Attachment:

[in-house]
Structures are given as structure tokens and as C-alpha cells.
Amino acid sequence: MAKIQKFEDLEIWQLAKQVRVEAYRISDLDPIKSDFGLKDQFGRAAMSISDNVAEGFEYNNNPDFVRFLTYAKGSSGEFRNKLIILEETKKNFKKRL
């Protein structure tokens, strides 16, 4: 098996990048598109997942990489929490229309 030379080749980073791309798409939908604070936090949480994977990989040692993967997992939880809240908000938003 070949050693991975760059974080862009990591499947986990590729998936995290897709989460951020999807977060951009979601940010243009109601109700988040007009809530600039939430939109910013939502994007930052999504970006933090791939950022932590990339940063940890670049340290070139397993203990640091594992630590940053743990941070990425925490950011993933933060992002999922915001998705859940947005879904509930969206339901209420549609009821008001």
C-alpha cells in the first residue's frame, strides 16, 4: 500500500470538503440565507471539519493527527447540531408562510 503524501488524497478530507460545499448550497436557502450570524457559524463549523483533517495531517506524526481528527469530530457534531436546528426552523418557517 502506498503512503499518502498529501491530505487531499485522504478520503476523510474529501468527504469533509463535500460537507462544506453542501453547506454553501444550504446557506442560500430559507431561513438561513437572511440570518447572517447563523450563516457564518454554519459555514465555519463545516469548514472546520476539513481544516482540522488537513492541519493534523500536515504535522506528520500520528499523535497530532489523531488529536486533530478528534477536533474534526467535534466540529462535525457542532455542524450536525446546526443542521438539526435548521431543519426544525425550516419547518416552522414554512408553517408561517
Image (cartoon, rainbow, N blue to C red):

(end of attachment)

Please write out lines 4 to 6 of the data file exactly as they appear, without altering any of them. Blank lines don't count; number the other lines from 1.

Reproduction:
């Protein structure tokens, strides 16, 4: 098996990048598109997942990489929490229309 030379080749980073791309798409939908604070936090949480994977990989040692993967997992939880809240908000938003 070949050693991975760059974080862009990591499947986990590729998936995290897709989460951020999807977060951009979601940010243009109601109700988040007009809530600039939430939109910013939502994007930052999504970006933090791939950022932590990339940063940890670049340290070139397993203990640091594992630590940053743990941070990425925490950011993933933060992002999922915001998705859940947005879904509930969206339901209420549609009821008001």
C-alpha cells in the first residue's frame, strides 16, 4: 500500500470538503440565507471539519493527527447540531408562510 503524501488524497478530507460545499448550497436557502450570524457559524463549523483533517495531517506524526481528527469530530457534531436546528426552523418557517 502506498503512503499518502498529501491530505487531499485522504478520503476523510474529501468527504469533509463535500460537507462544506453542501453547506454553501444550504446557506442560500430559507431561513438561513437572511440570518447572517447563523450563516457564518454554519459555514465555519463545516469548514472546520476539513481544516482540522488537513492541519493534523500536515504535522506528520500520528499523535497530532489523531488529536486533530478528534477536533474534526467535534466540529462535525457542532455542524450536525446546526443542521438539526435548521431543519426544525425550516419547518416552522414554512408553517408561517
Image (cartoon, rainbow, N blue to C red):